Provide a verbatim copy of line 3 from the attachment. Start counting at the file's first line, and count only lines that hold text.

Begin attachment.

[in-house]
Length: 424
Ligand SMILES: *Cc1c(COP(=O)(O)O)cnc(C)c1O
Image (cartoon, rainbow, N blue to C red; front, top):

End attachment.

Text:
Ligand SMILES: *Cc1c(COP(=O)(O)O)cnc(C)c1O